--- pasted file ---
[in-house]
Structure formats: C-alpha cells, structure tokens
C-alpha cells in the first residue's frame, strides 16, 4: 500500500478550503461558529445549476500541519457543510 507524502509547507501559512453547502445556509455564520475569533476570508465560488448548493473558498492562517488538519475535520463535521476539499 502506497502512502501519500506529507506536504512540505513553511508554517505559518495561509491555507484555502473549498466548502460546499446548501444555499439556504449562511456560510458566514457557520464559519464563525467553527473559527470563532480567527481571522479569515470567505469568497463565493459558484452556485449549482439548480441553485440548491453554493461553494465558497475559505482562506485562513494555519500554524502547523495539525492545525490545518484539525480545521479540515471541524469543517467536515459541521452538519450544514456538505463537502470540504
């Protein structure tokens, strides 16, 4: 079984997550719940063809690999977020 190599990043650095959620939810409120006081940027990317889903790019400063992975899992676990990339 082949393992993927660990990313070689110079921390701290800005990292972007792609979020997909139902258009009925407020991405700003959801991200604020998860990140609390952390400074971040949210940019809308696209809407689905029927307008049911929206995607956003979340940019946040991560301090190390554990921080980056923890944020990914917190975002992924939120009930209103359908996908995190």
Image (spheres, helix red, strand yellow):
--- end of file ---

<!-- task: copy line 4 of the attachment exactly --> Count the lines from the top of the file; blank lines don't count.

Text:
């Protein structure tokens, strides 16, 4: 079984997550719940063809690999977020 190599990043650095959620939810409120006081940027990317889903790019400063992975899992676990990339 082949393992993927660990990313070689110079921390701290800005990292972007792609979020997909139902258009009925407020991405700003959801991200604020998860990140609390952390400074971040949210940019809308696209809407689905029927307008049911929206995607956003979340940019946040991560301090190390554990921080980056923890944020990914917190975002992924939120009930209103359908996908995190």